If German Dolphin subs are sold to Taiwan, Israel also has an opportunity to benefit. Israel likely would piggyback onto the deal and purchase three vessels, doubling its submarine fleet.

These subs would be built by the German shipyard HDW (the world's biggest non-nuclear shipyard, 75 percent of which was purchased last year by American investors) and considered among the most advanced in the world.

However, there are impediments. First, Israel will have to turn its German blueprints over to the United States and remove itself from direct involvement in the Taiwan transaction. The Germans, it seems, have signed over all intellectual property related to the designs to

Israel. The German Dolphin design also directly competes with a Dutch Moray design. Since the Dutch government claims no legal authority over RDM's 1980 sale of two submarines to Taiwan, it has deniability. If Taiwan used the RDM design, RDM engineers and craftsmen would stand to profit.

But RDM's prospects are dimming. Northrop Grumman, powered by the Israeli factor, has reportedly signed a deal with HDW to build and market the world's most advanced non-nuclear subs.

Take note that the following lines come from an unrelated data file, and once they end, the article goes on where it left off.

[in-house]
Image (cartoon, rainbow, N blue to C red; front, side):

The Germans have kept their promise and never sold arms to Taiwan, but the Dutch, French and U.S. governments have. China cannot punish everyone for arms sales to Taiwan.

China's dilemma was highlighted by the 1992 fighter jet sales to Taiwan by both France and the United States. In several big-ticket purchases, France and the United States were competitors; to sanction one meant China had to buy from the other. With this in mind, European bureaucrats have concluded they can still win part of the Taiwan submarine contract without antagonizing the Chinese, provided it is laundered through the Americans.

Although the German government still professes to oppose the sale of submarines to Taiwan, a Taiwan newspaper, Liberty Times, quoted an HDW spokesman June 6 as saying, "propulsion plants [needed to build the 'no noise, no exhaust' German motors] aren't covered in the German arms export laws," and expressed "unusual optimism" about the Taiwan deal.

It appears that Berlin now hopes to cushion the blow to Beijing by telling the Chinese that sub sales are inevitable.

Europe is starting to see that a U.S.-European Union united front on arms sales to Taiwan may be the best guarantee of stability in the Taiwan Strait. China is in no position to punish the entire world for accepting Taiwan's right to exist, and cannot sanction its biggest trading partners.

If convinced the international community will oppose a military option, Beijing will be obliged to abandon threats of force against the island, and instead offer significant economic, and political, incentives to join "one China."

This, not an arms embargo against Taiwan, will enhance peace in the region. And thus, European defense firms can join their American colleagues in doing well by doing good.

Originally appeared in Defense News Weekly